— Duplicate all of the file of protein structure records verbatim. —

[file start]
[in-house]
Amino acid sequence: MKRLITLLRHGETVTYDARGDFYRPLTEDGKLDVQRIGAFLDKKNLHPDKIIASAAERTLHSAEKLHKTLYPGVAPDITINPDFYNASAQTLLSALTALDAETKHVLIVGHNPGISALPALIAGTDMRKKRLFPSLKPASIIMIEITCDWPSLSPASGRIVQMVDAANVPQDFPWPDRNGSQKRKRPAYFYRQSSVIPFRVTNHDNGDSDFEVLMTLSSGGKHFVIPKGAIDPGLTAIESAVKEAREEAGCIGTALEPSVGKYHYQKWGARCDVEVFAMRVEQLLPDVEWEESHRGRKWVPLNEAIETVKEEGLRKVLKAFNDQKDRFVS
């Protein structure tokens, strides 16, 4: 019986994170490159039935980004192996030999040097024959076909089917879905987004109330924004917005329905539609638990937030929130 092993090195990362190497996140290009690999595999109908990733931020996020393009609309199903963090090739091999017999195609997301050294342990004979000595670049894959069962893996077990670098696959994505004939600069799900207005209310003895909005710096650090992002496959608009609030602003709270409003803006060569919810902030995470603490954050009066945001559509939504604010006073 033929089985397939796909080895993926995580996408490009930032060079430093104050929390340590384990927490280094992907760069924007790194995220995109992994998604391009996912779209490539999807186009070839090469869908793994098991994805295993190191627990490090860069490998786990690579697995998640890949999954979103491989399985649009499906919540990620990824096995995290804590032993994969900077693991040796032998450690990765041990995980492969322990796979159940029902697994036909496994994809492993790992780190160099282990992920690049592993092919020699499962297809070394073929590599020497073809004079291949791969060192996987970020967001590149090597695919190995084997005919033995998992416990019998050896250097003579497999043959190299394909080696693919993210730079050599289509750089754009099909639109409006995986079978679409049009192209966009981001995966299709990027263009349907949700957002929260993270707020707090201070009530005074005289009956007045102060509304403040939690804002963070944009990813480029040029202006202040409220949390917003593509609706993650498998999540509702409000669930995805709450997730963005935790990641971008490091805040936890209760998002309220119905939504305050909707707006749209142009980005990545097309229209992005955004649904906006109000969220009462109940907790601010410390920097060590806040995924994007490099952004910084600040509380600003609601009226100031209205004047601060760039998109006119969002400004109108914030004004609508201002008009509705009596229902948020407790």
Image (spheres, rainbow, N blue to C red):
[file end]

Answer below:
[in-house]
Amino acid sequence: MKRLITLLRHGETVTYDARGDFYRPLTEDGKLDVQRIGAFLDKKNLHPDKIIASAAERTLHSAEKLHKTLYPGVAPDITINPDFYNASAQTLLSALTALDAETKHVLIVGHNPGISALPALIAGTDMRKKRLFPSLKPASIIMIEITCDWPSLSPASGRIVQMVDAANVPQDFPWPDRNGSQKRKRPAYFYRQSSVIPFRVTNHDNGDSDFEVLMTLSSGGKHFVIPKGAIDPGLTAIESAVKEAREEAGCIGTALEPSVGKYHYQKWGARCDVEVFAMRVEQLLPDVEWEESHRGRKWVPLNEAIETVKEEGLRKVLKAFNDQKDRFVS
């Protein structure tokens, strides 16, 4: 019986994170490159039935980004192996030999040097024959076909089917879905987004109330924004917005329905539609638990937030929130 092993090195990362190497996140290009690999595999109908990733931020996020393009609309199903963090090739091999017999195609997301050294342990004979000595670049894959069962893996077990670098696959994505004939600069799900207005209310003895909005710096650090992002496959608009609030602003709270409003803006060569919810902030995470603490954050009066945001559509939504604010006073 033929089985397939796909080895993926995580996408490009930032060079430093104050929390340590384990927490280094992907760069924007790194995220995109992994998604391009996912779209490539999807186009070839090469869908793994098991994805295993190191627990490090860069490998786990690579697995998640890949999954979103491989399985649009499906919540990620990824096995995290804590032993994969900077693991040796032998450690990765041990995980492969322990796979159940029902697994036909496994994809492993790992780190160099282990992920690049592993092919020699499962297809070394073929590599020497073809004079291949791969060192996987970020967001590149090597695919190995084997005919033995998992416990019998050896250097003579497999043959190299394909080696693919993210730079050599289509750089754009099909639109409006995986079978679409049009192209966009981001995966299709990027263009349907949700957002929260993270707020707090201070009530005074005289009956007045102060509304403040939690804002963070944009990813480029040029202006202040409220949390917003593509609706993650498998999540509702409000669930995805709450997730963005935790990641971008490091805040936890209760998002309220119905939504305050909707707006749209142009980005990545097309229209992005955004649904906006109000969220009462109940907790601010410390920097060590806040995924994007490099952004910084600040509380600003609601009226100031209205004047601060760039998109006119969002400004109108914030004004609508201002008009509705009596229902948020407790």
Image (spheres, rainbow, N blue to C red):